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Expectations for Each Green Bay Packers Draft Choice in 2013

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Expectations for Each Green Bay Packers Draft Choice in 2013

UCLA defensive lineman Datone Jones. Photo by Brian Carriveau of

It's rather amazing how much is expected from an NFL player simply based upon where he taken in the NFL Draft. It's basically the sole determining factor for the public at large with everything else, including previous college production, being relegated to almost insignificant.

Those who were selected in the early rounds are expected to play bigger roles and make a bigger impact than those selected in the later rounds of the draft or those that went undrafted.

That's just the reality of the NFL and little can be done to change it.

It's important to note, however, that nearly every rookie gets a "pass" his first year in professional football, even those taken in top 10 overall. Rookies that perform at Pro Bowl level right away are the exception and not the rule.

One year in the NFL is too early to declare a player a bust and for most of them, it takes a couple years to blossom. While they don't get forever to develop, they all deserve ample time to prove themselves.

With that, let's take a look at the Packers rookie class, taking a general look at what is expected of each of their draft choices in 2013.

First Round Draft Choice Datone Jones, Defensive Lineman

As the Packers' first round pick, there's obviously more expected from Jones than any other rookie. For a team that has struggled to find a consistent pass rush threat outside of Clay Matthews and labored to prevent the ground games of the Minnesota Vikings and San Francisco 49ers from running wild over them last year, Jones is candidate No. 1A to find improvement on the defensive side of the football. Standing 6-4, he has the length no other Packers defensive lineman currently possesses and will be asked to play the dual role of end in the team's 3-4 base defense and pass-rushing tackle in their nickel and dime subpackages. Jones will eventually be expected to be a three-down playmaker, but whether he's able to be that type of person in just his first year in the NFL remains to be seen.

Second Round Draft Choice Eddie Lacy, Running Back

Expectations for Lacy are somewhat tempered by the notion that it doesn't really matter which running back makes the Packers run game improve. It only matters that it, indeed, improves. Whether it's Lacy, Johnathan Franklin, DuJuan Harris, Alex Green or James Starks is immaterial. In any case, Lacy is the front-runner when it comes to the most likely player to become the featured back the Packers are seeking. No one will be disappointed if Lacy fills only the role of powerful, one-cut back who plays primarily on first and second downs and in goal-line and short-yardage situations. There are other players on the team who can play the traditional third-down back role who act as personal protectors for Aaron Rodgers and outlet receivers. It will be expected, however, that Lacy's toe fusion surgery will not be chronic issue.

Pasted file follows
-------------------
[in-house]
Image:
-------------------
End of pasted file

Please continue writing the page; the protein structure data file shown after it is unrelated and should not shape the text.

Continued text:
Fourth Round Draft Choice David Bakhtiari, Offensive Lineman

The only expectations for Bakhtiari in his rookie season are that he makes the 53-man roster and displays promise as a potential future starter. Barring injury, the only spot on the offensive line that's open is at right tackle, and it would appear Marshall Newhouse and Don Barclay have the inside track on winning that job. Nobody's counting Bakhtiari out of the running before training camp begins, but he's definitely an underdog as things currently stand. Because the Packers typically keep only seven offensive linemen active on game days, it will likely be a challenge for Bakhtiari to become one of those seven who suit up on Sundays.

Fourth Round Draft Choice J.C. Tretter, Offensive Lineman

Any expectations for Tretter in his rookie season were shattered on the first day of OTAs in Green Bay when he reportedly broke his ankle in a fumble recovery drill. It hasn't been ruled out that he'll be able to return by mid-season or late in the season, but such a scenario would be unlikely. If Tretter is able to come back from his injury to play in 2013, it will be considered a bonus, and he certainly won't be expected to fill anything more than a backup role. The only realistic expectation is that Tretter gets healthy enough for a return in 2014.

Fourth Round Draft Choice Johnathan Franklin, Running Back